So then, brethren, stand firm and hold to the traditions which you were taught by us, either by word of mouth or by letter (2 Thess. 2:15). Guard what has been entrusted to you. Avoid the godless chatter and contradictions of what is falsely called knowledge, for by professing it some have missed the mark as regards faith (1 Tim. 6:21-22).

Friday, March 3, 2017

A lamentation on an Ash Wednesday (Novus Ordo) Mass.

Ash Wednesday begins a season of giving up. ... giving up vice and lax attitudes, and other useless (and possibly spiritually dangerous) attachments, that is, which are obstacles to God's grace. We journey with Jesus through His approach to His passion and death. True! True, it is a time of preparation for the magnificent feast of Easter, Jesus' resurrection and triumph over death. Ours is walk led by Jesus; we walk in the company of the Holy Spirit.

Jabber walky.

Priests who celebrate the Novus Ordo liturgy are prone to a severe disadvantage, a fact I re-encountered at a local Novus Ordo Ash Wednesday Mass this past week that I attended due to work-related obligations which kept me from attending the Ordinariate liturgy I would have normally attended. What is that disadvantage? Let's call it a temptation for the priest to place himself at the centre of attention, a temptation quite possibly born of and reinforcing a spiritual narcissism or some misplaced need for approval. That imposition can come in many forms, some subtle and others large, all significant, and not in a good way.

Me, myself and I.

The homily preached by a good and caring priest began in the trap: "This is how I plan to keep Lent... ." Unfortunately, a series of awkward and protracted justifications followed. The Novus Ordo liturgy, as it is commonly celebrated, seems to intensify a need for approval. The "I" word, as in the priest referring to his experiences and his person, saturated the otherwise useful ten minute discourse.

If there's one thing priests could give up this Lent (and henceforth) is the need to engage the congregation by force of his personality and/or autobiographical anecdotes which form parentheses around the word of God.

What's missing?

The traps priests set for themselves seem magnified by versus populum celebration of the Mass, i.e., Mass said facing the people, as the Novus Ordo is commonly celebrated. In the instant cited above, said priest was also caught up in constantly eyeballing the congregation both before and during the homily and, sadly, during the Eucharistic Prayer and, specifically, during the consecration. Ad Orientem worship helps the priest avoid the prison of this obvious pitfall.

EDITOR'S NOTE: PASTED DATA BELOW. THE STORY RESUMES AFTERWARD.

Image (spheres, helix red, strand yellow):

Another annoying practice associated with versus populum celebration is the tendency of priests to attach the name of the communicant to the phrase "The Body of Christ [insert name of communicant here]". Not only is the personality of the priest over emphasized in Novus Ordo celebrations, insult is added to injury by drawing attention to the communicant at the very moment one should be most forgetful of self and most mindful of the Body and Blood of Jesus Christ. Why should anyone expect otherwise? A liturgy oriented to the congregation rather than oriented to the adoration of God is a liturgy that constantly reinforces movement away from worship of God to a fascination with mundane things which, if not checked, can lead to idolatry.

The informal reception after the Novus Ordo Ash Wednesday liturgy described above was loud, a gathering of twenty or so people in the foyer of a generic chapel, and did not respect the sensibilities of people who remained in the chapel afterwards to rightly spend some time in reflection and prayer. The people gathered in the foyer seemed more interested in blathering about mundane matters than engaging in edifying conversation related to the meaning of Ash Wednesday and Lent. A mood of thoughtful and subdued reflection on one's mortality would be appropriate for Ash Wednesday. Sadly, such a mood did not appear to persist past the chapel doors.

Do not despair!

For those who tire of the noisy Novus Ordo parish Mass and who sit on a limb hanging over a decision to abandon Mass or venture further into the Faith, do not give up! Attend an Extraordinary Form Mass or Divine Worship (of the Ordinariate). There is peace to be found; the word of God can be found and clearly heard. The sacraments can be celebrated reverently and worthily. You just need to spend some time searching online—at this blog, for example are listed several links to Mass locations for the Tradition-minded—and then follow up by attending a Latin Mass (TLM/Usus Antiquior) or by immersing oneself in the Divine Worship of the Ordinariate or perhaps an eastern Catholic liturgy.

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